The other main character we meet in episode 1 is Cirilla, princess of Cintra, mostly called Ciri. The queen of Cintra is Queen Calanthe, and she’s Ciri’s grandmother. Ciri’s parents are out of the picture (we’ll learn more about that in later episodes). Calanthe’s husband is not Ciri’s grandfather, either. Ciri’s character is central to the story, though she doesn’t not know or understand what makes her special. I suppose it might be a spoiler to tell you, so I won’t, but just trust me, she’s special.
In the second episode, we meet Yennefer of Vengerberg, the third main character. When we meet her, she is a poor deformed hunchback. Almost immediately she is attacked by a couple of lovers who think she was spying on them. It’s not entirely clear at first, but what happens is that as a reflex against the attack, she magically portals to a different location. Since we just met her, it’s not clear to us, but she didn’t know she could do magic, and I’m pretty sure she doesn’t realize she caused herself to teleport. Somehow unwittingly doing magic alerts other Mages, and soon after Yennefer is portalled back home, Tissaia de Vries, a sorceress, arrives. Tissaia is also the rectoress of Aretuza, a magical academy for young ladies. She makes a show of purchasing Yennefer (it’s unclear if Yennefer and her family believe she will be a slave or a meal). But instead, she joins a group of other young ladies at the academy. Being a mage causes Yennefer to age more slowly than humans, so when we see her in some of the later episodes, it is decades later than the time when she was at Aretuza.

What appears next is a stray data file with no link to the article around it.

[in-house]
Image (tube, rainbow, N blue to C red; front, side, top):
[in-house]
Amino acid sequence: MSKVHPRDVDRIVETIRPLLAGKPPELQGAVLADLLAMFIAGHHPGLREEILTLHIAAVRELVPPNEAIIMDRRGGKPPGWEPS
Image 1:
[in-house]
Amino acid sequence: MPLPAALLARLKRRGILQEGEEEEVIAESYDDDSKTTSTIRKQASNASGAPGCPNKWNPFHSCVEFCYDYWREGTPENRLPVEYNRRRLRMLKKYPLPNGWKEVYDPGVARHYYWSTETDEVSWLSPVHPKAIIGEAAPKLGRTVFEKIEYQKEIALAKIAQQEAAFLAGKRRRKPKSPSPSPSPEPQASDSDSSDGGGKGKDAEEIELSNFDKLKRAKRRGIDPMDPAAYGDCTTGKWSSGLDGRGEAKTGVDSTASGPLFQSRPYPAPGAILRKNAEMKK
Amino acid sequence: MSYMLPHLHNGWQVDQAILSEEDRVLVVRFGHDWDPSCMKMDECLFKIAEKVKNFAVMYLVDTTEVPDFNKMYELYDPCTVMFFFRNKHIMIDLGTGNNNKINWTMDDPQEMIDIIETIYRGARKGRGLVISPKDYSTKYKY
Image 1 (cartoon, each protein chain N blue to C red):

There is one more character I’ll tell you about, and he is Jaskier the bard. He meets up with Geralt and insists on accompanying him, though Geralt wants no part of it. Jaskier is part musician and part marketer, and he sees the need for improvement in Geralt’s reputation after an incident that occurs in the first episode. Jaskier writes a ballad that you may have heard (and if you haven’t, you probably soon will) that actually does the trick, and slowly their relationship becomes more friendly. Jaskier often serves to give bits of needed exposition, since Geralt is a man of few words, and he also brings humor as well as music.
Timeline Confusion in The Witcher Season 1
I think the timeline is the element that will cause the most confusion amongst viewers who are unfamiliar with the source material. But don’t fret: I, too, was unfamiliar with the source material, and I figured it out. But it does take paying close attention; if you’re scrolling through Facebook or Twitter and only watching the show with half an eye, you might stay confused.
The first thing to realize (and the show doesn’t make this clear until many episodes later) is that the scenes with Geralt in the first episode do not happen concurrently with the scenes involving Ciri in the first few episodes. Ciri’s timeline can be considered “the present,” but it’s unclear until the end how the timelines of the other two characters relate.
The exact time span for each character doesn’t really matter. It only matters when they meet each other. So what you have to know is that when Geralt and Yennefer meet, decades have passed since we first saw Yennefer. And the scenes in episode 1 with Ciri take place much later than the Geralt scenes in the same episode, because all of the things we see happen to Geralt during this season must have taken place over a longer time span than what we see happening to Ciri. Don’t worry too much about this; it will start to make sense before the final episode, I promise!
In a later episode there is a scene with Geralt and Queen Calanthe and you’ll realize, as you watch it, that it takes place before Ciri was born. That’s when the timeline stuff starts to finally make sense (or if you’re not paying close enough attention it could be the point where you get so confused you stop watching).